Part One: Remedy for America Deindustrialized

AI, America & Advanced Manufacturing, Part One

Can AI fix advanced manufacturing and make it thrive again?

FIRST: What Is Advanced Manufacturing?

The National Strategy for Advanced Manufacturing defines advanced manufacturing as the innovation of improved methods for manufacturing existing products, and the production of new products enabled by advanced technologies. Adler and Bonvillian, in their paper America’s Advanced Manufacturing Problem—and How to Fix It, elaborate on the definition by writing: “Advanced manufacturing can be defined as the application of innovative technologies to improve manufacturing processes and products, adding significant value through productivity advances and innovation. These would include digital technologies, robotics, 3-D printing, advanced materials, bio-fabrication, artificial intelligence, and nanofabrication.”

Is there a fix for advanced manufacturing?
America made a mistake. A big one. A mistake that cost it advantage in advanced manufacturing, which eventually will become the bane of all the nation’s manufacturing.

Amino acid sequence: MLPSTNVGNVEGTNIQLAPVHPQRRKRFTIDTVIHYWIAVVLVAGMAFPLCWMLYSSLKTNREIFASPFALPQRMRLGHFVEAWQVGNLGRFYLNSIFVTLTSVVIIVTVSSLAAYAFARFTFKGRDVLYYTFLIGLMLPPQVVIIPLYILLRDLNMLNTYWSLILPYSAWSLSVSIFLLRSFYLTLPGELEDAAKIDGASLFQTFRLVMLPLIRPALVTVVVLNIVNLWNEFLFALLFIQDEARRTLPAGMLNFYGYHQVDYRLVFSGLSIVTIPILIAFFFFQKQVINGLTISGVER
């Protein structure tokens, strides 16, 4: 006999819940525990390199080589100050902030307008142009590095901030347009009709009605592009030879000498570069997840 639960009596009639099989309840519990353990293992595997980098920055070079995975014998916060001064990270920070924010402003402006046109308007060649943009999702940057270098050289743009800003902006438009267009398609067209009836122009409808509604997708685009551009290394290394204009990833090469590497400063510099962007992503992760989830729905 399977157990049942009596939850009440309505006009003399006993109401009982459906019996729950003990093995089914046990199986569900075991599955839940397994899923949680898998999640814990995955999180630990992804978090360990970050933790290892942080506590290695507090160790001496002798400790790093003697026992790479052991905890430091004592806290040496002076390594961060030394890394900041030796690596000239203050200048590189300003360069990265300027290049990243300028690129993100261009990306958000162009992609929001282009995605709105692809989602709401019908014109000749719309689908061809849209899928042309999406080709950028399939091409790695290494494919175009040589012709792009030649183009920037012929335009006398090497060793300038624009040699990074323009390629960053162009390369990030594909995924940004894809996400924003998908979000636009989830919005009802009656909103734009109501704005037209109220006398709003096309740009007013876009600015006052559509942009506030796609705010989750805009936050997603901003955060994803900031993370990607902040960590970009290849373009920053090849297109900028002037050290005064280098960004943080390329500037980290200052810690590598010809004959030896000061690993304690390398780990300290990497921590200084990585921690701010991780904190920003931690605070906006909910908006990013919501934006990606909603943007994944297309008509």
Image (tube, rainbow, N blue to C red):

That’s the consensus of MIT professors David Adler and Willian Bonvillain in their provocative and well-researched paper America’s Advanced Manufacturing Problem—and How to Fix It. Lots of additional online research back up Adler and Bonvillian’s claims. Did the world’s largest economy go to sleep on itself, or was it something worse?

Who is to blame? Seems there’s enough to go around for everyone! Now, however, the situation is beyond blame. Still smoldering, the ashes from that mistake can either extinguish themselves into America becoming an also-ran in the dash for advanced manufacturing or do a Phoenix and rise up into a formidable force again.